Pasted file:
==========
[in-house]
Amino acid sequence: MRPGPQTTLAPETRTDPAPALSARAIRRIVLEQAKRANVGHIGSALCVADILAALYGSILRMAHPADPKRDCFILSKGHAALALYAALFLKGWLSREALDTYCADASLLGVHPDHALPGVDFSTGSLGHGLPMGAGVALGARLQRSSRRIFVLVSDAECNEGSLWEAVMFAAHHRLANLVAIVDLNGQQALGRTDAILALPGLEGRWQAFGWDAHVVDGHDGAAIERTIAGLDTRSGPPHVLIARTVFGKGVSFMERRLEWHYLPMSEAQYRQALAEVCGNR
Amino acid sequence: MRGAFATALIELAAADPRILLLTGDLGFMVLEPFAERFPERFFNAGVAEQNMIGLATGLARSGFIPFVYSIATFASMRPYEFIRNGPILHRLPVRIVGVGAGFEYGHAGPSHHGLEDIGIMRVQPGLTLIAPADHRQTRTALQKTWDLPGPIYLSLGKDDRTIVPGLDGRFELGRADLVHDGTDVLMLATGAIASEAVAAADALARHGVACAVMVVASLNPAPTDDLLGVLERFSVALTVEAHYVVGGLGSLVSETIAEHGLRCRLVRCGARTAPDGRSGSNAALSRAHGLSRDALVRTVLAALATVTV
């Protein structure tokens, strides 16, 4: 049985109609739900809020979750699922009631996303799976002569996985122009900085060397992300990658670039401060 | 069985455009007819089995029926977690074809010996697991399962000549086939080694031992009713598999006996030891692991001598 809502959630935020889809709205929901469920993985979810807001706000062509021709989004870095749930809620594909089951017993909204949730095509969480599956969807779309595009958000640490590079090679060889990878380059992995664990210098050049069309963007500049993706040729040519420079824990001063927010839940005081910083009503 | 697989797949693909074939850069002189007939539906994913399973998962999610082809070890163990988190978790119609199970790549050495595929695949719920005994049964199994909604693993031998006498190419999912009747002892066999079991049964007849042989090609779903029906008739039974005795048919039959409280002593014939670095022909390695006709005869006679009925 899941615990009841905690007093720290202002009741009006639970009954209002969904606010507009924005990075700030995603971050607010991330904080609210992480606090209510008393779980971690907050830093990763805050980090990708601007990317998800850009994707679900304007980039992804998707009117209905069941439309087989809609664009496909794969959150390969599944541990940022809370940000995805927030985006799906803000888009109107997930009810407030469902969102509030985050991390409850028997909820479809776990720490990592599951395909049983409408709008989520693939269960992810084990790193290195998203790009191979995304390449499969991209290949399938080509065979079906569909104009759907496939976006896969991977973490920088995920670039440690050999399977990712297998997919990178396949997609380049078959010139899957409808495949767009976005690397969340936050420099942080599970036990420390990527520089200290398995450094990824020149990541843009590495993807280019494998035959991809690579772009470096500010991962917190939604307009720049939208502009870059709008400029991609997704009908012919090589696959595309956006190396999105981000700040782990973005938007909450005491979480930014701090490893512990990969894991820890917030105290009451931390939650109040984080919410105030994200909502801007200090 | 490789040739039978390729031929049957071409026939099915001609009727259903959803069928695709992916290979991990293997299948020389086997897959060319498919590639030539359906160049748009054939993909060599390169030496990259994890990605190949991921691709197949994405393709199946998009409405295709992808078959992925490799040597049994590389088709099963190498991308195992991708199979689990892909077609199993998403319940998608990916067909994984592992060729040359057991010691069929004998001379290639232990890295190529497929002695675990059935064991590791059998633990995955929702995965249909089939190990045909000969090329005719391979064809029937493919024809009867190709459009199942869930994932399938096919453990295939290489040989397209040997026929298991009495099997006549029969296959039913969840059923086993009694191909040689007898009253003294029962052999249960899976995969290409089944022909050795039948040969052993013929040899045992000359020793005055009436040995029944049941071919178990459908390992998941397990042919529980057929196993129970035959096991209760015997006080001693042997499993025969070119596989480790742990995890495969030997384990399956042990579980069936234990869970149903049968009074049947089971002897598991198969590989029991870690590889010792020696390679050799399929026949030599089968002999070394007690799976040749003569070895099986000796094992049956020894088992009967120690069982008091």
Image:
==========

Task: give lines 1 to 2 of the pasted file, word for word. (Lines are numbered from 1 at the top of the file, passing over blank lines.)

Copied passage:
[in-house]
Amino acid sequence: MRPGPQTTLAPETRTDPAPALSARAIRRIVLEQAKRANVGHIGSALCVADILAALYGSILRMAHPADPKRDCFILSKGHAALALYAALFLKGWLSREALDTYCADASLLGVHPDHALPGVDFSTGSLGHGLPMGAGVALGARLQRSSRRIFVLVSDAECNEGSLWEAVMFAAHHRLANLVAIVDLNGQQALGRTDAILALPGLEGRWQAFGWDAHVVDGHDGAAIERTIAGLDTRSGPPHVLIARTVFGKGVSFMERRLEWHYLPMSEAQYRQALAEVCGNR